Why Freelancers Should Care About Universal Pharmacare

Politics and Culture | Jan 04, 2017

In our recent blog post, “Do Freelancers Need Healthcare Benefits,” we weighed the pros and cons of purchasing health and dental benefits independently. While our research shows that the advantages of paying for benefits typically shifts among demographics, it's clear that for people who regularly require prescription drugs, it is financially smart to invest in an insurance plan.

We are not the only ones to hold this view. Among the out-of-pocket medical services in this country, pharmaceutical care has been flagged as a “national problem” for many years now. Since 1964 – the year that the Royal Commission on Health Services called for the implementation of a pan-Canadian, universal drug program – politicians, scientists, economists and policy analysts have challenged the so-called equality of our country’s two-tiered medical system. These advocates advise that the government expand the healthcare system to include funding for prescription drugs.

While there is a lot of data that supports this view (for instance, consider the fact that Canada is the only country in the world with a universal medicare system that excludes coverage for drugs), a new study published in the Canadian Medical Association Journal (CMAJ) on pharmaceutical coverage has been making waves in the media for its unequivocal endorsement of a national program.

What makes this study so controversial? The authors debunk the commonly held view that national pharmacare is only possible with a tax increase. It claims the opposite, saying that a program of this kind would actually save Canadians “billions of dollars.”

During the election last year the question of pharmacare was in the public eye. Unfortunately, indent for the first time it has again fallen off the radar. To help you understand how the issue affects freelancers, we’ve answered three fundamental questions about pharmacare.

What are the goals of a national pharmacare program?

Proponents of universal pharmacare may disagree about how the system should be reformed, but they do share a common goal: improving access to drug coverage. The research shows that pharmaceutical care in Canada is not designed to protect all strata of the population – rather, coverage disproportionally depends on “your age, where you work, and what province you live in.”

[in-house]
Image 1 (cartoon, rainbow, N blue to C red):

For freelancers in particular, this is a cause for concern. While freelancers in Canada may be able to visit doctors for free, when it comes to fulfilling prescriptions, many are prohibited by their income or job status. According to PharmaCare 2020, nearly 1 in 10 Canadians do not have the resources to pay for the medication they have been prescribed. This number balloons among those who don’t have health coverage: the stats show that Canadians without benefits are “four times more likely to skip prescriptions because of costs.” As precarious employment becomes increasingly common, and more and more Canadians find themselves without a provider, the barrier to access only stands to widen.

But how does universal pharmacare actually work?

In countries where there is a national pharmacare program in place, such as Britain or France, patients are either fully reimbursed for their prescriptions or are required to pay a fixed price for a pharmaceutical item. British patients, for instance, pay a standard co-payment of 7.10 pounds for a prescription. While it is up to policy makers to decide whether a similar system might work in Canada, the recent CMAJ study emphasizes the importance of shifting costs from the private to the public sector.